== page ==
1998 – Taoiseach Bertie Ahern travelled to London to meet with British Prime Minister, Tony Blair, to try to reach a common position on the key elements of any potential agreement. Despite hours of talks lasting late into the evening the two sides were unable to reach agreement. Ahern said that there were ‘large disagreements which could not be cloaked’.
1998 – The British government said that it would not order any inquiry into the killing (on 12 February 1989) of Belfast solicitor, Pat Finucane.
1998 – The RUC agreed to the building of a new ‘peaceline’ in the White City area of north Belfast. There had been a high level of sectarian violence in the area.
1999 – The multi-party talks at Hillsborough came to an end with a call for the proposed Executive to be established within three weeks. Talks were adjourned until 13 April 1999. The Hillsborough Declaration was agreed by British Prime Minister Tony Blair, and Taoiseach Bertie Ahern. The Declaration set out a framework for progress towards establishing the Executive. The Ulster Unionist Party (UUP) had been insisting that there should be decommissioning of arms by the IRA before Sinn Féin (SF) could sit on an Executive. SF said that it could not deliver decommissioning before the Executive was formed. Those Unionists who were against the Good Friday Agreement also came out strongly against the Declaration.
1999 – One thousand people, the entire population of Belmullet in Co Mayo, were evacuated from the town following a fire in a rubber factory.
2000 – John Dennehy, Secretary General of the Department of Education and Science, made academic history by being elected Chairman of the Education Committee of the Organisation for Economic Cooperation and Development (OECD) for a three-year period. He was the first Irish person to be appointed to this position.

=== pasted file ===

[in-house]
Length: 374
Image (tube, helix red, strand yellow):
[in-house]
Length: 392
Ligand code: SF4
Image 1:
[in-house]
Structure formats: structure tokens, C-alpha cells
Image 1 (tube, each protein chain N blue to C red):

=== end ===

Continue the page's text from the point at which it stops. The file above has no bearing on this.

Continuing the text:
2001 – One of Irish television’s most familiar faces, Brendan O’Reilly, passed away. The 71-year-old former television and radio broadcaster and commentator had been ill for a number of months.
2001 – The Department of Agriculture ordered the slaughter of all the remaining 15,000 or so sheep in the Cooley Peninsula, Co Louth.
2002 – Loyalist thugs posing as Glasgow Celtic supporters are hunted by police after a series of attacks in flashpoint north Belfast.
2003 – Veteran actress Pat Leahy, 66, collapses on the set of Fair City.
2004 – Google announced Gmail to the public.
2018 – Fr Joseph Mallin, the only surviving child of an executed leader of the 1916 Rising has died at the age of 104. He was a Jesuit priest based in Hong Kong. His father was Commandant Michael Mallin who was in command of the Irish Citizen Army at St Stephen’s Green during Easter week. Fr Mallin’s neice, Una Ni Challanáin, told RTÉ news that her uncle had died in Hong Kong. Joseph Mallin was just two-and-a-half -years-old when his father was executed in Kilmainham Jail. His father summoned him and his mother to his cell just before he was executed on 8 May 1916.
Image | Glencolumbkille, Co Donegal | Fiachra Mangan Photography